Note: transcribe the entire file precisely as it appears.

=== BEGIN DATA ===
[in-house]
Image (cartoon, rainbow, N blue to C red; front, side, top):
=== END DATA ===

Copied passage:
[in-house]
Image (cartoon, rainbow, N blue to C red; front, side, top):